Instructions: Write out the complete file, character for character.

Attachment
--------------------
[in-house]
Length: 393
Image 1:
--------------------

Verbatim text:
[in-house]
Length: 393
Image 1: